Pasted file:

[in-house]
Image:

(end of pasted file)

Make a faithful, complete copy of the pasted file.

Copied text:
[in-house]
Image: